Alaska Airlines Adds “Space Bins” And Increases Overhead Storage Space By 50%

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The advent of airline fees for checked luggage has seen demand for overhead bin space go through the roof. More and more people are bringing onboard whatever they can get away with to avoid paying the $20+/bag fees and and that often leaves overhead bins full long before the last passengers have boarded the aircraft.

So far, most airlines have shown little interest in doing anything about this issue (despite it costing them money in delayed departures) but it looks like Alaska Airlines is about to break that mould.

Over then next two years Alaska is scheduled to take delivery of 35 Boeing 737 aircraft which will all have a new overhead bin (the “Space Bin”) installed. The Space Bins are reported to stow six bags where the old bins could only stow four (based on the standard carry-on bag measuring 9″ x 14″ x 22″).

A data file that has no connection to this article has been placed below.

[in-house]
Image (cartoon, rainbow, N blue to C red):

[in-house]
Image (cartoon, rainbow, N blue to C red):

As well as the new planes that Alaska will be receiving over the next two years, the existing Alaska 737s with the sky interior will also be refitted with the new overhead bins (starting in 2016).

How Will The New Bins Fit More Bags?

As the 737 aircraft aren’t getting any bigger in length, the only way to increase the amount of overhead storage space has been by making the bins taller – and that has meant losing some room above each person’s seat. In total 2″ of headroom will be lost.

Boeing 737 Space BinsThe new Space Bins – Image courtesy of Alaska Airlines/Boeing

Alaska is selling the idea of less headroom by saying that lower bins will be easier for passengers to reach and will also make the air-conditioning controls easier to reach…..and I don’t have a problem with any of this. I already can’t stand up fully when I’m not in the aisle so 2″ less head room is neither here nor there to me.

When you take a look a the comparison between the existing overhead bins (left) and the new Space Bins (right) as mocked up by Boeing below…..

737-Space-BinsImage courtesy of Boeing

…you begin to see just how much of a difference this could make.